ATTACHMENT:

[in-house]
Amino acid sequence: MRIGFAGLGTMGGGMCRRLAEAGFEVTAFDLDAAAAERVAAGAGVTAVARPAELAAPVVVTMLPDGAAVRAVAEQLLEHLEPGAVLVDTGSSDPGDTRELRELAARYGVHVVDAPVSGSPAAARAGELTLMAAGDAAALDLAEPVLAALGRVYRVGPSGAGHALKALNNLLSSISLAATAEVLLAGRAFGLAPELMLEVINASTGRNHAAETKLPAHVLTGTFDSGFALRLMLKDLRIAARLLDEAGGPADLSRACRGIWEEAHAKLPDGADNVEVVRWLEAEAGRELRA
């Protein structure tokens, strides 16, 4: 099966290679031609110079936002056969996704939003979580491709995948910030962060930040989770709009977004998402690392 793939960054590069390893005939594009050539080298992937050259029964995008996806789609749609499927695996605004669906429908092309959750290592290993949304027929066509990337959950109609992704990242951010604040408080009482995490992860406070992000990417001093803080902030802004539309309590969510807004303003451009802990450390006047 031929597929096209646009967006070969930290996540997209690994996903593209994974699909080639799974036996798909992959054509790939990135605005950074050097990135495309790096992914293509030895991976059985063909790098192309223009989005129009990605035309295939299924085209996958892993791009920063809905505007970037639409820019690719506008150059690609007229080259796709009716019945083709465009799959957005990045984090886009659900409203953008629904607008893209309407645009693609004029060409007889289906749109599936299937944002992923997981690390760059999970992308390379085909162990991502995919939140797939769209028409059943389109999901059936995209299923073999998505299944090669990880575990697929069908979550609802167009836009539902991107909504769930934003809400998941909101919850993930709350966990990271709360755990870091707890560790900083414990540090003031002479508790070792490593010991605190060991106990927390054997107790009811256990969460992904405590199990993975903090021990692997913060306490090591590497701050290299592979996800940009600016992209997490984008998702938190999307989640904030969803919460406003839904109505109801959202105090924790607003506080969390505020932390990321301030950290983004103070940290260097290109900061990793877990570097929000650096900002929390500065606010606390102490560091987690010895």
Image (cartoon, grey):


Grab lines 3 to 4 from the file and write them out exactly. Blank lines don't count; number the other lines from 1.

């Protein structure tokens, strides 16, 4: 099966290679031609110079936002056969996704939003979580491709995948910030962060930040989770709009977004998402690392 793939960054590069390893005939594009050539080298992937050259029964995008996806789609749609499927695996605004669906429908092309959750290592290993949304027929066509990337959950109609992704990242951010604040408080009482995490992860406070992000990417001093803080902030802004539309309590969510807004303003451009802990450390006047 031929597929096209646009967006070969930290996540997209690994996903593209994974699909080639799974036996798909992959054509790939990135605005950074050097990135495309790096992914293509030895991976059985063909790098192309223009989005129009990605035309295939299924085209996958892993791009920063809905505007970037639409820019690719506008150059690609007229080259796709009716019945083709465009799959957005990045984090886009659900409203953008629904607008893209309407645009693609004029060409007889289906749109599936299937944002992923997981690390760059999970992308390379085909162990991502995919939140797939769209028409059943389109999901059936995209299923073999998505299944090669990880575990697929069908979550609802167009836009539902991107909504769930934003809400998941909101919850993930709350966990990271709360755990870091707890560790900083414990540090003031002479508790070792490593010991605190060991106990927390054997107790009811256990969460992904405590199990993975903090021990692997913060306490090591590497701050290299592979996800940009600016992209997490984008998702938190999307989640904030969803919460406003839904109505109801959202105090924790607003506080969390505020932390990321301030950290983004103070940290260097290109900061990793877990570097929000650096900002929390500065606010606390102490560091987690010895």
Image (cartoon, grey):